“I learned to admire the excellence of British propaganda,” Adolf Hitler said by the end of 1934. “I am convinced that propaganda is an essential means to achieve one’s aims.” While this superficially explains Hitler’s misleading statements of “peace” in the years immediately preceding World War II as he rearmed, it ignores how he wielded the most powerful weapon he had at his disposal in fighting the propaganda war: the close interrelationship between Europe’s aristocracy, the political elite, and the beau monde. Aristocrats, despite many in Continental Europe having suffered a loss of political and cultural standing after World War I, still rightly viewed themselves as a close-knit international elite.
Their families and friendships transcended international boundaries. They were at home speaking German, English, French, Italian, Greek, and Spanish. Used for centuries as statesmen and diplomats by all the great powers, aristocrats were always an important secret back channel. For Hitler, they became his “gentlemen spies” or “ladies of mystery” who were his eyes, ears, and mouthpieces in the drawing rooms, cocktail parties, and weekend retreats of Europe and America carrying out some of his most secret plans. They were the trusted voices disseminating his political and cultural propaganda for the “New Germany.” Distrustful of career diplomats and his own Foreign Ministry, Hitler would use his aristocrats as his primary intermediaries to open influential doors to the highest levels in Great Britain, the United States, Italy, Ireland, Spain, Hungary, Turkey, and Sweden.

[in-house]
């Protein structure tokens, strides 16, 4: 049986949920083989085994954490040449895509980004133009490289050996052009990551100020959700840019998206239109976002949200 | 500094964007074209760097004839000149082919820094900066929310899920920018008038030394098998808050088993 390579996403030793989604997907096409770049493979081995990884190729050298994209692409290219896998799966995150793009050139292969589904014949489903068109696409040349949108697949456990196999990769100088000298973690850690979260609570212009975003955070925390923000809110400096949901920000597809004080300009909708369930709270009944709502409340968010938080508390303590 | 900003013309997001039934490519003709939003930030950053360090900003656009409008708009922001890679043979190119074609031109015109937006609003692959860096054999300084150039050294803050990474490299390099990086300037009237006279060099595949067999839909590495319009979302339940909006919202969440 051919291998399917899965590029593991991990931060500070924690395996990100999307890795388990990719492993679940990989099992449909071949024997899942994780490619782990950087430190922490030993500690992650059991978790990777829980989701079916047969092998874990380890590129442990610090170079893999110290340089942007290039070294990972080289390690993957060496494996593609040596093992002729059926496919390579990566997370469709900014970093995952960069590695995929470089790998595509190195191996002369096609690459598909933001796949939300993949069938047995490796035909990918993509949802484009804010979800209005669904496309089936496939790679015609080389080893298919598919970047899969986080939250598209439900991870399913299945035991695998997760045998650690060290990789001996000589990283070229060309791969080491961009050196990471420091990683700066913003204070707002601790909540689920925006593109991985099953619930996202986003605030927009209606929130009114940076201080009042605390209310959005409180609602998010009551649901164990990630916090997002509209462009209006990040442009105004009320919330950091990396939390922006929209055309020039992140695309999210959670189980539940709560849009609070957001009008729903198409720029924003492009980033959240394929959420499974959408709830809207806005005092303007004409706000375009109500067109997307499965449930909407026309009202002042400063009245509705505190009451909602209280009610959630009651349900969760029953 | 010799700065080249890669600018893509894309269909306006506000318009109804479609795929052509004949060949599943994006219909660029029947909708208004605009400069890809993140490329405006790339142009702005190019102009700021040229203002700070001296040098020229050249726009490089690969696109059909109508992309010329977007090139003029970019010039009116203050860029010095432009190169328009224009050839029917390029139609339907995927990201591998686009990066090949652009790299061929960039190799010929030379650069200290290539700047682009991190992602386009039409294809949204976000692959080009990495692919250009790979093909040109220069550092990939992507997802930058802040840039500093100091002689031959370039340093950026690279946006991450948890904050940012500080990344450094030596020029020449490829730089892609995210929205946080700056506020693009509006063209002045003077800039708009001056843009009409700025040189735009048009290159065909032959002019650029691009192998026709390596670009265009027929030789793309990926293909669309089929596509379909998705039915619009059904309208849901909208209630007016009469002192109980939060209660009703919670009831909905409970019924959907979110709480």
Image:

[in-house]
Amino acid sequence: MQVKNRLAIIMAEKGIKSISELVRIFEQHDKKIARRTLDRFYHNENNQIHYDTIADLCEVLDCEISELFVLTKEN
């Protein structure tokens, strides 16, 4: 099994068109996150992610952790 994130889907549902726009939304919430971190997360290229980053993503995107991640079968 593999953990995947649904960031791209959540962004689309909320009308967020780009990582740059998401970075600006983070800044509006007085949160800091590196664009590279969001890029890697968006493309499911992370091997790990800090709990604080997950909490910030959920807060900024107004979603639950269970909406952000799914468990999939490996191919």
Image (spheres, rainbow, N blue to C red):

This book will be concerned with the vast international social and political network among Europe’s aristocrats and powerful social elite and how Hitler’s stunning propaganda campaigns used them to give his New Germany a head-start toward world domination.